Tempera (Italian: [ˈtɛmpera]), also known as egg tempera, is a permanent, fast-drying painting medium consisting of colored pigments mixed with a water-soluble binder medium, usually glutinous material such as egg yolk. Tempera also refers to the paintings done in this medium. Tempera paintings are very long-lasting, and examples from the first century AD still exist. Egg tempera was a primary method of painting until after 1500 when it was superseded by the invention of oil painting. A paint consisting of pigment and binder commonly used in the United States as poster paint is also often referred to as “tempera paint,” although the binders in this paint are different from traditional tempera paint.

Tempera is traditionally created by hand-grinding dry powdered pigments into a binding agent or medium, such as egg yolk, milk (in the form of casein) and a variety of plant gums.

Tempera painting has been found on early Egyptian sarcophagi decorations. Many of the Fayum mummy portraits use tempera, sometimes in combination with encaustic.

A related technique has been used also in ancient and early medieval paintings found in several caves and rock-cut temples of India. High-quality art with the help of tempera was created in Bagh Caves between the late 4th and 10th centuries and in the 7th century in Ravan Chhaya rock shelter, Orissa.

The most common form of classical tempera painting is “egg tempera”. For this form most often only the contents of the egg yolk is used. The white of the egg and the membrane of the yolk are discarded (the membrane of the yolk is dangled over a receptacle and punctured to drain off the liquid inside). Egg yolk is rarely used by itself with pigment; it dries almost immediately and can crack when it is dry. Some agent is always added, in variable proportions. One recipe calls for vinegar, but only in small amounts. A few drops of vinegar will preserve the solution for a week. (1:3 , 3 parts water, 1 part yolk; other recipes suggest white wine (1 part yolk, 2 parts wine). Some schools of egg tempera use various mixtures of egg yolk and water.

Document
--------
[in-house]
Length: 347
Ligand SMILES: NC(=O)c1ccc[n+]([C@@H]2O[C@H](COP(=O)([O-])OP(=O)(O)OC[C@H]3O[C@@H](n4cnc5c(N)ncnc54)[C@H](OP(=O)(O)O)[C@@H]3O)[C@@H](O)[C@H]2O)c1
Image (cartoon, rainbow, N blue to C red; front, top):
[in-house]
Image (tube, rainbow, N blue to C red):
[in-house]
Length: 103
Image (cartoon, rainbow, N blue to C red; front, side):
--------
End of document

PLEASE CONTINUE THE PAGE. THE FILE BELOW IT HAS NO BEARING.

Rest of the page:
Powdered pigment, or pigment that has been ground in distilled water, is placed onto a palette or bowl and mixed with a roughly equal volume of the binder.[6] Some pigments require slightly more binder, some require less.

When used to paint icons on church walls, liquid myrrh is sometimes added to the mixture to give the paint a pleasing odor, particularly as worshipers may find the egg tempera somewhat pungent for quite some time after completion. The paint mixture has to be constantly adjusted to maintain a balance between a “greasy” and “watery” consistency by adjusting the amount of water and yolk.

As tempera dries, the artist will add more water to preserve the consistency and to balance the thickening of the yolk on contact with air. Once prepared, the paint cannot be stored. Egg tempera is water-resistant, but not waterproof. Different preparations use the egg white or the whole egg for a different effect. Other additives such as oil and wax emulsions can modify the medium. Egg tempera is not a flexible paint and requires stiff boards; painting on canvas will cause cracks to form and chips of paint to fall off.